Survey: 3 Out of 4 Angry About High Gas Prices
June 27, 2008
Red states and blue states are united on at least one issue: Americans are increasingly angry and anxious about high gas prices and favor far-reaching action on energy and climate issues, according to a new poll.
About three out of four Americans and a similar percentage of likely voters expect gasoline prices to reach $5 a gallon by Labor Day, according to a national opinion survey of 1,005 adults conducted for the nonprofit and nonpartisan Civil Society Institute (CSI) think tank and its Citizens Lead for Energy Action Now (CLEAN) project by Opinion Research Corporation (ORC).
The level of Americans braced for more bad news on gas prices by the end of the summer is up from the 71 percent who correctly forecast in a January 2008 CSI survey that gas prices would reach $4 a gallon this summer.
Three out of four Americans and likely voters -- including a bipartisan 73 percent of Republicans, 74 percent of Democrats and 74 percent of Independents -- say that they already are "very angry" or "somewhat angry" about gasoline prices.
In a big shift, the number of Americans who cite rising gasoline and other energy prices as their biggest economic worry is up sharply from January of this year.
In the new survey, when asked to identify the "two biggest economic problems" for 2008, over three out of five Americans -- including a nearly identical 62 percent of Republicans, 62 percent of Democrats and 61 percent of Independents -- named "rising gasoline and home heating oil prices" as the biggest problem, ahead of 44 percent who pointed to "recession or economic slowdown."
This reflects a major jump in less than half a year from January 2008 when only 51 percent named energy prices as their top concern, separated by just four percentage points (versus the current 18 percentage points) from the second most common worry: recession/economic slowdown, at 47 percent.
The result of all of this growing anger and anxiety is a political climate in which Americans favor far-reaching energy and climate actions.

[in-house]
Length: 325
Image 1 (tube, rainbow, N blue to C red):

The new survey shows that six out of 10 Americans say "definitely yes" to the following statement: "The reliance on fossil fuels is the product of the industrial revolution of the 19th and early 20th centuries. Do you think it is time for our nation to start thinking in terms of the concept of a 'new industrial revolution,' one that is characterized by the orderly phasing out of fossil fuels and the phasing in of clean, renewable energy sources - many of which are available now, such as wind and solar for electricity, hybrid and clean diesel technologies for cars."
Overall, 90 percent of Americans -- including 82 percent of Republicans, 96 percent of Democrats and 94 percent of Independents -- said either "definitely" or "probably" yes and only 8 percent "no."
Car buying plans
Another key finding: Significantly more Americans are now inclined to buy a fuel-efficient vehicle.
Over half of Americans -- including 58 percent of those who are angry about gas prices and 47 percent of Republicans, 60 percent of Democrats and 46 percent of Independents -- are "more likely" to "buy a hybrid, clean-diesel or other more fuel-efficient vehicle now than [they] were six months ago."
This is up sharply from the 35 percent of Americans who indicated in April 2007 that they were more likely to buy a hybrid or other fuel-efficient vehicle than six months before.
"Americans have been way ahead on issues related to energy policy and fuel efficiency," said Civil Society Institute President and Founder Pam Solo. "Rather than discounting the future and deferring action, elected officials should seize the strong consensus in the country for bold steps to move the United States toward a clean power future and greater fuel efficiency."